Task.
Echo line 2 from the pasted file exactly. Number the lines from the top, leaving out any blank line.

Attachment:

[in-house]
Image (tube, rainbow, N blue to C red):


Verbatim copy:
Image (tube, rainbow, N blue to C red):